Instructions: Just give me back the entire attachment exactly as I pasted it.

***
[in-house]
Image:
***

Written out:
[in-house]
Image: